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Page 13 text:
Charles Parker wills to Hearal Guess and Leon Edge-
worth his entire interest in Jitney Jungle. Ronald Shoemaker
bequeaths his good looks andhis technique to win the opposite
sex to Charles Maddox and Gerome Henson. A. D. Shaw wills
his timidity and shyness to James Hill and Caroll Hurst.
James Rich leaves his ever supply of chewing gum to Mildred
Jimmy McGhee wills his ability to "pest" to Delano Lee.
Bill Moynihan wills his ability to get along with teachers to
Charles Watters and Allen Mclnnish. Kathryn York leaves
to Glenda Bailey her bountiful supply of excuses for being
absent. Medie Jo Wallis leaves her place in the Glee Club to
Bertie Vincent. Bobby Springer shares her ambition to be an
excellent nurse with Virginia Hollis and Mary Ann Grice.
Joyce Burnett leaves her willing smile to Genie Gardner and
Rebecca Breedlove. Barbara Browning leaves her career as
Mrs. Graham's secretary to Gloria Armbrester, or perhaps
Bettye Joan Butts shares her love for tall boys and Pon-
tiacs with Shirley Traylor. Bonnie Russell transmits her
quiet manner to Vivian Presley. Shirley Ann Joiner by request
gives her "cow" to Celia Holmes. Sara Vawter bequeaths her
"giggles" to Betty Lou Lyle. Patsy Fleck offers her Red
Cross drives to Ann Kidd and Dorothy Cleckler. Inez Gore
wills her ability to play the piano, especially for her boy
friends to Margaret Bennett. Janice Riley leaves to Bettye
Fannin and Thelma Maxwell her love for all her teachers.
June Rutherford wills her many long hours of study to Essie
Hornsby and Helen Edwards. Morris Owings regretfully gives
his chemistry book to Faye Kidd.
Billy Billingsley leaves to Davis Bassett the rules for the
captain of a football team. To Eugenia Vincent, Joyce Giddens
leaves her domestic problems. Charles Dillard leaves his
grit to take Mrs. Watwood's test to Ethel Hart and Elloise
And we, Mary Frances Cliett and Louise Jones, leave to
some unfortunate member of the Junior Class the headaches,
worries, and sleepless nights spent while writing this "Last
Will and Testament."
Page 14 text:
...:-. 1, , -.1.:,,u-glam , '-
CLASS HI TORY
The History of the class of 1952 is so colorful and dramatic that it resembles
a play. We shall call this play "The Class of '52. "
This play has three acts. All the scenes take place in Childersburg School.
Act One begins when one little girl and three little boys enter the large
school building holding "Mommy's" hand. Although they are shy and afraid
they soon make many friends and settle down to the job of learning. These little
people, Mary Frances Cliett, Jimmy McGhee, James Richa and Pete Limbaugh,
little realize the fun and hardships that they will have before the play is
Act Two opens as the little actors, who have grown large and who have been
joined by Medie Jo Wallis, Sara Vawter, Jane Golden, Lois Vincent, Jo Ann
Waldrip, Bonnie Russell, June Ward, Patsy Fleck, Joyce Burnett, Kathryn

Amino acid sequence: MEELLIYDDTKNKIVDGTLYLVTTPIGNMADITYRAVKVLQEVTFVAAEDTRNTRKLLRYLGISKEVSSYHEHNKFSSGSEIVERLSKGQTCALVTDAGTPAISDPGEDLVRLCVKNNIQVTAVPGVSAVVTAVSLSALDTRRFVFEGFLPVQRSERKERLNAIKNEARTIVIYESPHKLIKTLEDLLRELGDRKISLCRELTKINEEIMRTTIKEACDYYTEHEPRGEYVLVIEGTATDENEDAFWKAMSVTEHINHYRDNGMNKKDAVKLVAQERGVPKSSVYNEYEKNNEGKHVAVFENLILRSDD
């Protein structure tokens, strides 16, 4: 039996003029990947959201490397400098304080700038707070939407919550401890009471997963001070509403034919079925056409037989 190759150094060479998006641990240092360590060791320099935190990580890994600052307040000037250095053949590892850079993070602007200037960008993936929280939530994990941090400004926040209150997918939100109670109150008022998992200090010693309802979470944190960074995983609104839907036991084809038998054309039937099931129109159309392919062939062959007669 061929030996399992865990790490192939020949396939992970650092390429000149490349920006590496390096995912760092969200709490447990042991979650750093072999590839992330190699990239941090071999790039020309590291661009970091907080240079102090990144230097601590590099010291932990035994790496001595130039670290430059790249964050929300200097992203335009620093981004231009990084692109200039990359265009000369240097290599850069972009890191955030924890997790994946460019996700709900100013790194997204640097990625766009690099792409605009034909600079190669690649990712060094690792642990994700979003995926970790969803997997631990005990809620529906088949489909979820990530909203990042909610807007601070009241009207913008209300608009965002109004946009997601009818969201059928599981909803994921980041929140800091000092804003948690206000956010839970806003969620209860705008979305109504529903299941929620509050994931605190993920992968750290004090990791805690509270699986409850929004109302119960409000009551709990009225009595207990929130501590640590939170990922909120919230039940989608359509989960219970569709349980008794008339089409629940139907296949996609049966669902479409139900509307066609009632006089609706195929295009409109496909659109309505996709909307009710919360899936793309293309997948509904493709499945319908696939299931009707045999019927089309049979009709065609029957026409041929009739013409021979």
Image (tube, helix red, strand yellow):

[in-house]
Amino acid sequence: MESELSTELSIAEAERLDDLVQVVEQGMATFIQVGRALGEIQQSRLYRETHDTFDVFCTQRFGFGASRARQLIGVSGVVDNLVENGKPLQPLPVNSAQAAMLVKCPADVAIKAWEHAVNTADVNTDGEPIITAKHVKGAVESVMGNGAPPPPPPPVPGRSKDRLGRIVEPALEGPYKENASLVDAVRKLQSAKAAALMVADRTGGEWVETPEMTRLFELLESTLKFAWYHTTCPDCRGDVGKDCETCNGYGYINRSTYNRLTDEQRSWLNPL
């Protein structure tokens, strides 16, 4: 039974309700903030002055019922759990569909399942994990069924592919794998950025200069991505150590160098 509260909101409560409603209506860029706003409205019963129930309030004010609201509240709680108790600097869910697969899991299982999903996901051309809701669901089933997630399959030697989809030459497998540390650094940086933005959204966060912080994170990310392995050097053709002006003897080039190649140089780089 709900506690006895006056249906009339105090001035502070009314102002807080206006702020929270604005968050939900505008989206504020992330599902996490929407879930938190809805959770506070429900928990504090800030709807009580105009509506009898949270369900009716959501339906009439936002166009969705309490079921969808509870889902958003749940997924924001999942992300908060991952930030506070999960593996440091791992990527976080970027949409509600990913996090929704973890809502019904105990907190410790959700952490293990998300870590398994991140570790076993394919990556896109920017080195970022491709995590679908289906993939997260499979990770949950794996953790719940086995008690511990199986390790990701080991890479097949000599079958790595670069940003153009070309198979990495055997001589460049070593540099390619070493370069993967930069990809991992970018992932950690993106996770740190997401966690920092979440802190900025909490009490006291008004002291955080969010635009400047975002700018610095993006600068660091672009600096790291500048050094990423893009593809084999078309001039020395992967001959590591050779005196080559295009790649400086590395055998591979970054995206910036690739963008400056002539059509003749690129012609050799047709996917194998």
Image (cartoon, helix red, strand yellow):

York, Barbara Browning, Louise Jones, David Bassett, Charles Dillard, J. W.
Branson, Billy Billingsley, Joseph Hubbard, Billy Barnett and A. D. Shaw,
during the last five years, enter Jr. Hi school. As act two progresses new
actors, Shirley Joiner, Bettye Butts, Ellen Sanders, Janice Riley, and Ronald
Shoemaker, Don Bacon, Morris Owings and Charles Parker, join the play and
soon they find themselves enjoying Hi school in Childersburg more and more.
At last, Act Three arrives. The actors waited long and patiently for the
day when they would enter Sr. Hi School. The tenth grade is not much different
from the ninth, except that the students feel a little more important.
Then comes their Jr. year. Again newcomers join the play. They are
Joan Meyers, Bobbie Springer, June Rutherford, and David Macomish. The
Jr. 's work hard planning and preparing a banquet in honor of the Seniors.
At last, they themselves become Seniors. New actors again join the play.
These are Inez Gore, Louise Cox, Joyce Giddens, and Bill Moynihan. This
play started with four actors and as it progressed many joined while a few
dropped out for various reasons.
The actors are very busy during their last year. Most of them are im-
portant members of the various school clubs. Five of the boys receive football
letters, some are members of the band, Kathryn York gets second place in
the Talladega County Turkey Frestival, Jane Golden and David Bassett are
elected Harvest King and Queen of the school, and Mary Frances Cliett is
elected Good Citizenship girl. The Class publishes the school paper, "The
Tiger's Roar," and the annual, "The Treasure Chest." They attend the Jr.
8: Sr. banquet, stage the Senior play and go on the Senior Trip.
At the Climax of this play, the curtain is rung down on the thirty-nine
successful actors, each is holding a Childersburg High School diploma in his
hand signifying twelve hard, but glorious years.
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